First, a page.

The expression of cell surface antigens determined by genes of the major histocompatibility complex, H 2, of the mouse has been studied in embryos. Antigens of this complex may be present on gametes but are undetectable on embryos up to six days of development. H 2 expression may also be studied in two different types of cell lines: teratomas and the blastocyst derived MB lines. The former lines have been shown to be H 2 negative, both serologically and by grafting; they bear antigens which are present in embryos at stages lacking H 2, and one of these antigens may be physically associated with H 2 on tumour cell surfaces. The second set of lines, the MB lines, partially express H 2 antigens; only some structural features of their H 2 molecules are accessible to antibody. Two models are described for this partial expression which have more general application to expression of the properties of cell surfaces in development. One model suggests that specific associations of membrane molecules may alter their reactions with ligands in the medium or on other cells. A second model proposes that constraints on the diffusion of membrane proteins in the plane of the membrane can radically affect the interactions of these proteins with the external environment.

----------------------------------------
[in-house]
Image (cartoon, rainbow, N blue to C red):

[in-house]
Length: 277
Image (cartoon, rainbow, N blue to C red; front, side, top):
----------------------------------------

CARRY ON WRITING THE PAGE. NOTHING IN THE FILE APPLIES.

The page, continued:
|Original language||English (US)|
|Number of pages||21|
|State||Published - Jan 1 1976|
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